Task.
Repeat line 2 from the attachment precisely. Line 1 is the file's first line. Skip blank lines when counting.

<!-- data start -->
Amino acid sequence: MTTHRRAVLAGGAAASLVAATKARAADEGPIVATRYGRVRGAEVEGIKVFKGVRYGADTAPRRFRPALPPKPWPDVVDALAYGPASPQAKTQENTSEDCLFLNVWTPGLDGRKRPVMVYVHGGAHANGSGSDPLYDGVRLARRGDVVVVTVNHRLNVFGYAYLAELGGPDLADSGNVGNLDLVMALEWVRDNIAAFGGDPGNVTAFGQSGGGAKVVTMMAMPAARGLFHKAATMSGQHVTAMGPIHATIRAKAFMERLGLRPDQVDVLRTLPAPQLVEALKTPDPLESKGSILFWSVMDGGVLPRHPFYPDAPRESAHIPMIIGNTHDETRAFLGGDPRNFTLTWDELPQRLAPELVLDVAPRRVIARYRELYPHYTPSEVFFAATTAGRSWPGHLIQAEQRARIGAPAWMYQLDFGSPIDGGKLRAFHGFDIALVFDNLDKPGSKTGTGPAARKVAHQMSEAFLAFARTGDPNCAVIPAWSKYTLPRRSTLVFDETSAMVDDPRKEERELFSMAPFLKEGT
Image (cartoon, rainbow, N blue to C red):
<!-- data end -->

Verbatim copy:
Image (cartoon, rainbow, N blue to C red):